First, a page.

The critiques highlight a key point I raised earlier -- that unclaimed royalties for "orphan" books will ultimately be distributed to those authors and publishers who sign up with a newly formed Book Registry. In fact, the DOJ argues that this creates a schism between the owners of claimed and unclaimed books, thus rendering the "class" which claims to have filed the class-action suit invalid.
The critiques also make clear (as I have argued) that the settlement is a boon for Google in that it grants an effective monopoly on orphan books. No other company could obtain the same access without following in Google's footsteps: wholesale unauthorized scanning, followed by a lawsuit, followed by a settlement. Google actually seems to agree with this, stating "nothing in the settlement prevents anyone from doing what we have done." Google then attempts to evade the "monopolist" term by noting that the proposed Book Registry could "license to third parties to the extent allowed by law" [my emphasis]. Note, however, that what Google would gain from the Settlement is not "allowed by law," so that Google's monopoly is written into the settlement.
Google claims to be a new entrant to the book market with "zero market share". While Google may not yet be selling books, it is certainly selling ads placed next to book excerpts, which is how Google makes money in the first place. Google also claims that it would be too expensive and time-consuming to track down the owners of unclaimed books and negotiate with them; but it's hard to accept that Google's genius engineers and billions of dollars couldn't resolve this problem.
Google also claims that the proposed book registry's job "is to go out and find rightsholders." But that is certainly not the case. The registry has no incentive to find rightsholders. In fact, it has a dis-incentive: the fewer rightsholders who register at the registry, the more unclaimed money there will be; and that unclaimed money will first be used to pay expenses of the registry, and then the remainder will be distributed to those who did register. As the DOJ puts it, "The greater the economic exploitation of the works of unknown rightsholders by Google and the Registry, the stronger the incentive for known rightsholders to retain the unclaimed revenues for themselves."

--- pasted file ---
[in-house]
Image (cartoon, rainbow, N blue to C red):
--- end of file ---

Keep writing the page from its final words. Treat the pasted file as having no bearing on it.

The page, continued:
Some choice quotes from Ms. Peters:
- "We realized that the settlement was not really a settlement at all... Instead, the so-called settlement would create mechanisms by which Google could continue to scan with impunity,well into the future, and to our great surprise, create yet additional commercial products."
- "the proposed settlement would give Google a license to infringe first and ask questions later"
- "To allow a commercial entity to sell such works without consent is an end-run around copyright law as we know it."
- "The question of whether a book is in-print (generally, in circulation commercially) or out-of-print (generally, no longer commercially available) is completely inconsequential as to whether the work is entitled to copyright protection under the law."
- "certain provisions of the proposed settlement dramatically compromise the legal rights of authors, publishers and other persons who own out-of-print works."
- "The Proposed Settlement seeks to implement a forward-looking business arrangement rather than a settlement of past conduct"
- "[the Proposed Settlement allows] the control of prices for orphan books by known publishers and authors with whose books the orphan books likely compete."
- "Under the Proposed Settlement, competing authors and publishers grant Google de facto exclusive rights for the digital distribution of orphan works."
- "only Google would have the ability to market to libraries and other institutions a comprehensive digital-book subscription."